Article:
Initially, MSAFP levels were used to modify a woman’s risk for trisomy 21 based on age alone, and screening was offered to women less than 35 years of age who were not routinely offered genetic counseling and either amniocentesis or chorionic villus sampling (CVS). However, in women less than 35 years of age, the detection rate was low (15–20%). Subsequently, human chorionic gonadotrophin (hCG) and unconjugated estriol (uE3) were added to the screening protocol to increase the detection rate of Down syndrome in pregnancy. Multiple marker screening (MMS) using three analytes (MSAFP, hCG, uE3) to adjust a woman’s age-risk for Down syndrome raises the sensitivity to approximately 65%. This is often referred to as the “triple test.” Most recently, a fourth marker was added, dimeric inhibin-A (INH-A). This is referred to as the “quad or quadruple screen.” Using a second trimester Down syndrome cut-off risk of 1 in 270, the combination of maternal age, MSAFP, hCG, uE3, and INH-A detects approximately 75% of Down syndrome cases in women who are younger than 35 years with a positive screening rate of 5%, and over 80% of the Down syndrome fetuses in women 35 and older. In most cases of Down syndrome, the AFP and uE3 levels are lower, and hCG and INH-A levels are higher.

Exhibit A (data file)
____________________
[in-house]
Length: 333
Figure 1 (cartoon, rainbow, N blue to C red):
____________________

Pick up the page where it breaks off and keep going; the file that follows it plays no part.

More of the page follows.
Serum screening using three of the analytes (AFP, hCG, uE3) is able to identify women at risk for having a fetus with trisomy 18. In most cases of trisomy 18, the levels are all low. The detection rate for trisomy 18 is at least 70%.
      The MMS does not detect other forms of aneuploidy such as trisomy 13 and Klinefelter syndrome (47,XXY) that occur at a frequency of 1 in 20,000 and 1 in 1,000 livebirths, respectively, more often as a result of increasing maternal age. These would be detected on a routine cytogenetic analysis of cultured amniocytes or villi. Patients should be informed that the MMS is only a screening test for trisomies 21 and 18 and not a replacement for CVS or amniocentesis. Serum screening does reduce the number of invasive procedures performed, but will miss some affected pregnancies. Maternal serum screening in the second trimester has been validated and is an appropriate screening test for Down syndrome and trisomy 18. Patients who are screen positive for either trisomy 21 or 18 should be offered genetic counseling and amniocentesis.